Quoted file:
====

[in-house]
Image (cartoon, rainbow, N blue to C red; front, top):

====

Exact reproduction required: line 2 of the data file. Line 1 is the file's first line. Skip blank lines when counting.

Image (cartoon, rainbow, N blue to C red; front, top):